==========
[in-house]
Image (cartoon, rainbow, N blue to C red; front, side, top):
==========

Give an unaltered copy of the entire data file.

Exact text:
[in-house]
Image (cartoon, rainbow, N blue to C red; front, side, top):